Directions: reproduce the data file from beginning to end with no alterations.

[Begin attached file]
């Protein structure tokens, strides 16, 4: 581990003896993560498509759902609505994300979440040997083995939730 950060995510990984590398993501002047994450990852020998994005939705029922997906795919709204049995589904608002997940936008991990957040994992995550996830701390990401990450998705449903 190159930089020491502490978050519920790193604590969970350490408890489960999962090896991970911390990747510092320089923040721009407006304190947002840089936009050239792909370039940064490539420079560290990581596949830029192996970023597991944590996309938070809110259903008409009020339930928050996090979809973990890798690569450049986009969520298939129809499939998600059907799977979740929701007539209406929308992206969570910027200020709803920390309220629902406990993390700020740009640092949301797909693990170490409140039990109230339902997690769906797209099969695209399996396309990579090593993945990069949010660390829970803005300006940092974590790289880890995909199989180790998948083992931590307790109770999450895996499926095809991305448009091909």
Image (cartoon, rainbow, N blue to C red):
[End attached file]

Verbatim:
């Protein structure tokens, strides 16, 4: 581990003896993560498509759902609505994300979440040997083995939730 950060995510990984590398993501002047994450990852020998994005939705029922997906795919709204049995589904608002997940936008991990957040994992995550996830701390990401990450998705449903 190159930089020491502490978050519920790193604590969970350490408890489960999962090896991970911390990747510092320089923040721009407006304190947002840089936009050239792909370039940064490539420079560290990581596949830029192996970023597991944590996309938070809110259903008409009020339930928050996090979809973990890798690569450049986009969520298939129809499939998600059907799977979740929701007539209406929308992206969570910027200020709803920390309220629902406990993390700020740009640092949301797909693990170490409140039990109230339902997690769906797209099969695209399996396309990579090593993945990069949010660390829970803005300006940092974590790289880890995909199989180790998948083992931590307790109770999450895996499926095809991305448009091909």
Image (cartoon, rainbow, N blue to C red):